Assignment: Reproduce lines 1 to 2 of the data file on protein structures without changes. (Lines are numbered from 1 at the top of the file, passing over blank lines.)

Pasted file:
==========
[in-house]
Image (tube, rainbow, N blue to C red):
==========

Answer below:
[in-house]
Image (tube, rainbow, N blue to C red):